LBS academic gives expert evidence on supply trade finance

Supply chain finance could play a positive role in maintaining a healthy supply chain, however good risk management is essential argues Alex Yang

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S. Alex Yang, Associate Professor of Management Science and Operations, and a specialist in supply trade finance, gave evidence to the Business, Energy and Industrial Strategy Committee earlier this month. This was part of an investigation into Liberty Steel and the future of the UK steel industry following the demise of Greensill Capital, a fintech company specialising in supply chain finance.

Dr Yang explained that, traditionally, supply trade finance refers in practice to a financial solution called reverse factoring whereby a supplier has the opportunity to receive cash based on an approved invoice before the actual invoice due date. When the invoice is due, the buyer reimburses the lender with the invoiced amount.

Only about 7% of large UK businesses admit to offering reverse factoring to their suppliers, according to BEIS reporting, so it is far from being mainstream.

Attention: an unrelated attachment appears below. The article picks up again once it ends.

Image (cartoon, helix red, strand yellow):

According to Dr Yang, in principle, supply chain finance helps accelerate payment to suppliers and thus improves overall supply chain efficiency. Traditionally, as such schemes are based on approved invoices from reputable buyers, they are considered very safe.

However, Greensill, a fintech start-up, was keen to use new ways to finance its rapidly growing business, one of which, according to media reports and court filings, is described as being based on ‘prospective receivables’.

Dr Yang said: “Using prospective receivables is different from traditional supply trade finance. Essentially, it requires Greensill, or the borrower – in this case Liberty Steel or other GFG Alliance companies – to predict their future income stream.

“Greensill used these estimates as a basis to lend to Liberty Steel. Being based on future predictions, this type of transaction is inherently much riskier and requires a risk management paradigm different from traditional supply chain finance.

“Based on the reporting, we can say at least that Greensill did not do a very good job at classifying what is highly predictable and what is not. That is really where the risk came from and ultimately what led to their downfall causing so many difficulties down the line. It is yet to be seen whether more serious issues, such as fraud, are involved," he said.

“The COVID-19 pandemic has taught us how important a healthy and resilient supply chain is for the UK. Supply chain finance could play a positive role. However, as the industry embraces more innovation, the collapse of Greensill has alerted practitioners to the need that they must keep up with their risk management practice.”